California's Uniform Act is substantially identical to Arizona's. Because we must construe Arizona's Uniform Act in light of our own state policies, however, and because Tracy has pointed to the fact that on a different issue a panel of our court of appeals concluded that the term "territory" did not include Indian tribes, we undertake a thorough analysis of statute and case law to determine whether the Navajo Nation constitutes a territory for purposes of the Uniform Act.

1. There is no Fixed Definition of Territory

a. Various Interpretations of Territory

Arizona's Uniform Act defines state to include "any territory of the United States." Tracy argues that the language "any territory" comprehends only organized territories operating pursuant to congressional law and having a governor appointed by the president. See, e.g., In re Lane, 135 U.S. 443, 10 S.Ct. 760, 34 L.Ed. 219 (1890) (Oklahoma "Indian Territory," which had no organized executive, legislative, or judicial branch, was not a territory for purposes of federal criminal statute); People ex rel. Kopel v. Bingham, 211 U.S. 468, 475-76, 29 S.Ct. 190, 192, 53 L.Ed. 286 (1909) (Puerto Rico is a territory under Lane definition for purposes of extradition of fugitive criminal).

The Bingham-Lane definition of territory encompasses only organized territories that derive their power from Congress and is but one definition courts have given to territory. Significantly, this narrow and technical definition of territory originated at a time in this nation's history when the United States did not have the same relationship with various quasi-sovereign entities — i.e., Guam, the Virgin Islands, the Canal Zone, American Samoa — that it has today, and indeed, before Puerto Rico attained its quasi-sovereign status as a commonwealth.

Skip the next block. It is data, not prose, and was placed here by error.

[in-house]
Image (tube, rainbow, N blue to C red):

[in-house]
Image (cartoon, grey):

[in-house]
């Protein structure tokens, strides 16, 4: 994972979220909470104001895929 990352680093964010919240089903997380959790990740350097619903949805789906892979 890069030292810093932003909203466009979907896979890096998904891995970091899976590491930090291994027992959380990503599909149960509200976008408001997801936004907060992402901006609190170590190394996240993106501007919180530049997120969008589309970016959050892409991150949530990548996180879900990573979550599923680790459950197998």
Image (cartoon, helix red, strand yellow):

In cases since Bingham and Lane, the term territory has often been interpreted more broadly to serve the purposes of the statute or enactment under consideration. See, e.g., United States v. Standard Oil, 404 U.S. 558, 560, 92 S.Ct. 661, 662, 30 L.Ed.2d 713 (1972) (American Samoa is a territory for purposes of Sherman Act provision);5 Puerto Rico v. Shell Co., 302 U.S. 253, 258-59, 58 S.Ct. 167, 169-70, 82 L.Ed. 235 (1937) (whether Puerto Rico comes within a given congressional act depends upon the character and aim of the act; Puerto Rico is not a territory within reach of sixth and seventh amendments, but may be considered a territory for purposes of the Sherman Act); Americana of Puerto Rico, Inc. v. Kaplus, 368 F.2d 431 (3rd Cir.1966), cert. denied, 386 U.S. 943, 87 S.Ct. 977, 17 L.Ed.2d 874 (1967) (Puerto Rico is a territory for purposes of federal full faith and credit statute); Securities & Exch. Comm'n v. Capital Growth Co., 391 F.Supp. 593 (S.D.N.Y. 1974) (Puerto Rico is a territory for purposes of the Securities and Exchange Act of 1934); Wolfe v. Au, 67 Haw. 259, 686 P.2d 16 (1984) (Micronesia is a territory for purposes of the Uniform Criminal Extradition Act, even though it is destined for nationhood rather than statehood); cf. Garcia v. Friesecke, 597 F.2d 284 (1st Cir.1979), cert. denied, 444 U.S. 940, 100 S.Ct. 292, 62 L.Ed.2d 306 (1979) (Puerto Rico is not a territory for purposes of the Longshoremen's and Harbor Workers' Compensation Act, 33 U.S.C. §§ 901-950).6

From the authorities cited, it is clear that the term territory is susceptible of interpretation because it does not have a "fixed and technical meaning that must be accorded to it in all circumstances." Americana of Puerto Rico, 368 F.2d at 436. Therefore, we must determine whether the Navajo Nation may properly be considered a territory within the meaning of Arizona's Uniform Act.

b. Legislative Intent